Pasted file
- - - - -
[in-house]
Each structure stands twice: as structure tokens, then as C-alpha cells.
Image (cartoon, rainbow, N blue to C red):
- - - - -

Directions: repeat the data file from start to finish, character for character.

[in-house]
Each structure stands twice: as structure tokens, then as C-alpha cells.
Image (cartoon, rainbow, N blue to C red):